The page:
“Feel lucky for what you have when you have it. Isn’t that the point? Happily ever after doesn’t mean happy forever. The ever after, what precisely was that? Your dreams, your life, your death, your everything. Was it the blank space that went on without us? The forever after we were gone?” ~ The Ice Queen by Alice Hoffman
One person can stand in the middle of a forest feeling panicked and confused. “Where am I?” she says.
Desperately looking from side to side, turning in circles, then looking to the sky for the sun to tell her which way is east or west — whatever difference that makes since she doesn’t know which direction she’s been traveling.
Follow a stream or river, the old wisdom goes. Or Google maps, if you can still get a signal.
She feels alone. Lost. Frightened. Why did she ever come here? And how will she get out?
Another person stands in the middle of the same forest, lifted up by the high pitched trill of a wood thrush, the jungle sound of a pileated woodpecker. Leaves and twigs crunch under her feet as the ground sends up its rich, deep smell, reminding her of what she came from. What she came for. She breathes in a deep connection that can only be found in such places.
Just as beautiful to her as the sound of birds is the lack of human sound — traffic, people saying “How are you” and not waiting for an answer, empty sound bites meant to stir emotions and nothing else…
When it’s time to leave, she looks around, sees a path and continues on her way. She moves toward something she wants or something she’s curious about. There’s no hurry. Even if the peace she felt was momentary and so rare it brings tears to her eyes, she knows she will find it again.
I’ve been reading a book by Alice Hoffman called “The Ice Queen,” How could I pass by a book with the title of one of my favorite fairy tales, written by one of my favorite authors? But the story wasn’t what I expected or wanted. It was about people who had been struck by lightening, specifically, one woman, who wished for it, who believed her wishes held power and one particular awful wish had caused her mother’s death.
She keeps people at a distance, perhaps for fear of hurting someone else, perhaps out of fear of hurting herself — probably both. It’s a complicated story. It was darker than I had hoped for. I wanted quick redemption. I wanted her to rapidly learn from her mistakes. I was looking for hope, for answers that weren’t so hard won and didn’t involve even more loss and pain.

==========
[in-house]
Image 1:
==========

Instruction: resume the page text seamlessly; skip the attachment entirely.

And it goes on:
I wanted the story to console me without any work on my part. And that must be why, when I glanced back through pages that I’d already read, I saw things I hadn’t noticed the first time, like:
“People hide their truest natures. I understood that; I even applauded it. What sort of world would it be if people bled all over the sidewalks, if they wept under trees, smacked whomever they despised, kissed strangers, revealed themselves? Keep a cloak, that was fine, the thing to do; present a disguise, the outside you, the one you want people to believe.” ~ The Ice Queen by Alice Hoffman
How could that paragraph not have knocked me onto my ass the first time I read it? Why did it take a second reading to feel the words?
Maybe because I’ve been slogging through mud, the kind that sucks your boots off and trips you forward onto your hands and knees.
I keep looking for a way back. But back to what? Health? Energy? Senses? Feelings? Did I have those things before?
Yes, for moments, precious moments.
So here I am. Doing things that remind me, that take me back to my best times. I write, because I lose myself and the world around me when I don’t. And when I’m done, it feels like creation. Like evidence that I’m still here and there is time.
Which is good, because it’s going to take time to heal what’s been undone by human action and what’s being further undone by greed and the unwillingness to see what’s really happening.
“A tree that had been hit [by lightening] would stand for months and no one would guess it was dying at its center until it fell to the ground. Effects took time; you looked away, you thought you were safe, then they happened… The story is always about searching for the truth, no matter what it might bring. Even when nothing was what it appeared to be, when everything was hidden, there was a center not even I could run from: who I truly was, what I felt, what I was deep inside.” ~ The Ice Queen by Alice Hoffman